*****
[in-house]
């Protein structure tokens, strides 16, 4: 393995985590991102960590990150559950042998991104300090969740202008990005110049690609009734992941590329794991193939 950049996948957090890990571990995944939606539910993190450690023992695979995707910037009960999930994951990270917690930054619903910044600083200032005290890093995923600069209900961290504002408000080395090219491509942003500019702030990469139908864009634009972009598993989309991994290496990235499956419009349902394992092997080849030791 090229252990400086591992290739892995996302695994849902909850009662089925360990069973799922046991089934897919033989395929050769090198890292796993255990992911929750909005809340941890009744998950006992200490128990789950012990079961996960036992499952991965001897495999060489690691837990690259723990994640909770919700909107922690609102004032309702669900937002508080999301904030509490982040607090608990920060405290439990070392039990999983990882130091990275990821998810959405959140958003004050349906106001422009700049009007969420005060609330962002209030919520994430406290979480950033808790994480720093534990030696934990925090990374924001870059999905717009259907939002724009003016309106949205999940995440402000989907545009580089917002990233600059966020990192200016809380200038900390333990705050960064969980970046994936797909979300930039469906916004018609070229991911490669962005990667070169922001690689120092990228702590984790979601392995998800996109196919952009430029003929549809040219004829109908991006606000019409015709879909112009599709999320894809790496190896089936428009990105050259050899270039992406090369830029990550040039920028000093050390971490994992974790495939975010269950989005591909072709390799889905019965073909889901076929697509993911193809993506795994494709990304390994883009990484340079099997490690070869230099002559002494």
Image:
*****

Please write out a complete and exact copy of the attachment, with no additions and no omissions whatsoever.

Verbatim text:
[in-house]
């Protein structure tokens, strides 16, 4: 393995985590991102960590990150559950042998991104300090969740202008990005110049690609009734992941590329794991193939 950049996948957090890990571990995944939606539910993190450690023992695979995707910037009960999930994951990270917690930054619903910044600083200032005290890093995923600069209900961290504002408000080395090219491509942003500019702030990469139908864009634009972009598993989309991994290496990235499956419009349902394992092997080849030791 090229252990400086591992290739892995996302695994849902909850009662089925360990069973799922046991089934897919033989395929050769090198890292796993255990992911929750909005809340941890009744998950006992200490128990789950012990079961996960036992499952991965001897495999060489690691837990690259723990994640909770919700909107922690609102004032309702669900937002508080999301904030509490982040607090608990920060405290439990070392039990999983990882130091990275990821998810959405959140958003004050349906106001422009700049009007969420005060609330962002209030919520994430406290979480950033808790994480720093534990030696934990925090990374924001870059999905717009259907939002724009003016309106949205999940995440402000989907545009580089917002990233600059966020990192200016809380200038900390333990705050960064969980970046994936797909979300930039469906916004018609070229991911490669962005990667070169922001690689120092990228702590984790979601392995998800996109196919952009430029003929549809040219004829109908991006606000019409015709879909112009599709999320894809790496190896089936428009990105050259050899270039992406090369830029990550040039920028000093050390971490994992974790495939975010269950989005591909072709390799889905019965073909889901076929697509993911193809993506795994494709990304390994883009990484340079099997490690070869230099002559002494």
Image: